The Shadow Girls by Henning Mankell
A Novel

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As a story, it rarely thrills, but Mankell adroitly mixes cheerful satire and harrowing detail, and this hymn to the mistreated and marginalised sparks with passion.
-Guardian

Synopsis

Jesper Humlin is a poet of middling acclaim who is saddled by his underwhelming book sales, an exasperated girlfriend, a demanding mother, and a rapidly fading tan. His boy-wonder stockbroker has squandered Humlin’s investments, and his editor, who says he must write a crime novel to survive, begins to pitch and promote the nonexistent book despite Humlin’s emphatic refusals. Then, when he travels to Gothenburg to give a reading, he finds himself thrust into an entirely different world, where names shift, stories overlap, and histories are both deeply secret and in profound need of retelling.

Leyla from Iran, Tanya from Russia, and Tea-Bag, who is from Africa but claims to be from Kurdistan (because Kurds might receive preferential treatment as refugees)—these are the shadow girls who become Humlin’s unlikely pupils in impromptu writing workshops. Though he had imagined their stories as fodder for his own book, soon their intertwining lives require him to play a much different role.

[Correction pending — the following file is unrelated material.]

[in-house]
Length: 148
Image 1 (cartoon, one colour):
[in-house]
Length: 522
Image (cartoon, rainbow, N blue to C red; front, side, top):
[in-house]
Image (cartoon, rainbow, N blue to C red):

Offering both surprising humor and heartbreaking moments, The Shadow Girls is a triumph that will please longtime fans of Mankell as well as readers new to his work.
 

About Henning Mankell

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Bestselling author Henning Mankell has received numerous awards, including the Crime Writers' Association's Macallan Gold Dagger and the German Tolerance Prize. His Kurt Wallander mysteries are global bestsellers and have been adapted into the PBS Masterpiece Mystery! series Wallander, starring Kenneth Branagh. He divides his time between Sweden and Maputo, Mozambique. Ebba Segerberg has translated One Step Behind, Firewall, and Before the Frost by Henning Mankell (all available from The New Press) and Let the Right One In by John Ajvide Lindqvist. She lives in St. Louis, Missouri.
 
Published October 16, 2012 by The New Press. 338 pages
Genres: Education & Reference, Literature & Fiction, Mystery, Thriller & Suspense. Fiction
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Guardian

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Reviewed by James Smart on Sep 27 2013

As a story, it rarely thrills, but Mankell adroitly mixes cheerful satire and harrowing detail, and this hymn to the mistreated and marginalised sparks with passion.

Read Full Review of The Shadow Girls: A Novel | See more reviews from Guardian

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68%

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